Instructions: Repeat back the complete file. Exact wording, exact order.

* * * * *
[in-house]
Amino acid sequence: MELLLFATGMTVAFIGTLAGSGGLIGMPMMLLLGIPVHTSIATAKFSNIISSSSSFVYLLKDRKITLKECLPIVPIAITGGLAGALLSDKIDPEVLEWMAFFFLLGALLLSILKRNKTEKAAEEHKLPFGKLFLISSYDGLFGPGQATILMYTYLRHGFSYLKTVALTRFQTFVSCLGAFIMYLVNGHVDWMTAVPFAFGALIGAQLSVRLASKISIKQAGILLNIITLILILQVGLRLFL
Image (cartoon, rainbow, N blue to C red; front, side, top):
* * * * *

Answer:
[in-house]
Amino acid sequence: MELLLFATGMTVAFIGTLAGSGGLIGMPMMLLLGIPVHTSIATAKFSNIISSSSSFVYLLKDRKITLKECLPIVPIAITGGLAGALLSDKIDPEVLEWMAFFFLLGALLLSILKRNKTEKAAEEHKLPFGKLFLISSYDGLFGPGQATILMYTYLRHGFSYLKTVALTRFQTFVSCLGAFIMYLVNGHVDWMTAVPFAFGALIGAQLSVRLASKISIKQAGILLNIITLILILQVGLRLFL
Image (cartoon, rainbow, N blue to C red; front, side, top):